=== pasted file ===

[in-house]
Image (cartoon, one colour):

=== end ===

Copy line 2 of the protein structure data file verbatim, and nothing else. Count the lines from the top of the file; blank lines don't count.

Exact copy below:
Image (cartoon, one colour):